Republicans oppose Reid playing by GOP rules

There was a public service announcement that was fairly ubiquitous in the mid-80s that folks in my generation probably remember. A dad confronts his son about using drugs, and demands to know how he learned to use drugs. “From you, all right?” the son says. “I learned it by watching you!”

I thought of the PSA yesterday when Republicans started complaining about Harry Reid’s debt-reduction plan including the savings from war draw-downs. If GOP leaders asked the Senate Majority Leader where he came up with such a crazy idea, Reid could very easily respond, “From you, all right? I learned it by watching you!”

The No. 2 Senate Republican blasted the debt ceiling package unveiled Monday by Senate Majority Leader Harry Reid, saying its reliance on $1 trillion in savings from the winding down of the wars in Iraq and Afghanistan amounts to “phony scoring.”

At the same time, Sen. Jon Kyl of Arizona acknowledged Republicans have supported the same approach.

Reid’s plan is flawed, but it has its charms, and arguably offers a credible way out of this mess. As we discussed yesterday, the proposal features $2.7 trillion in cuts with no new revenue, just as Republicans demanded. But nearly half the plan relies on savings from ending the wars in Iraq and Afghanistan.

Republicans insist, then, that Reid’s total savings aren’t real, and that “counting money not spent on wars that the nation is already planning to end is widely viewed as a budget gimmick.”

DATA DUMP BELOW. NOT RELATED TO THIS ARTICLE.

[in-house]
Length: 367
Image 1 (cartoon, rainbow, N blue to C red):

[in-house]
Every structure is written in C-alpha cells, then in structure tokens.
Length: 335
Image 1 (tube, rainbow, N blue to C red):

On a wonky level, it’s not an unreasonable point of criticism. The problem for Republicans is, they’re in no position to complain — both Speaker Boehner’s plan and Paul Ryan’s budget include $1 trillion in savings from the end of the wars. And Republicans say they love Paul Ryan’s plan, holding it out as the gold standard on budget issues.

In other words, Reid is simply copying and pasting from the GOP playbook. If he’s using smoke and mirrors, they’re using smoke and mirrors.

When the White House said Reid’s plan features cuts that have been “previously agreed to by both parties,” that’s literally true. The Senate Majority Leader’s blueprint includes discretionary cuts that Republicans endorsed in the Biden-led talks, and includes war savings that Republicans included in their own plans.

I realize that, as far as Republicans are concerned, spending cuts only count as real cuts if they force working people or seniors to suffer in some meaningful way. But Republicans have nothing to whine about it when both parties are playing by the same GOP rules.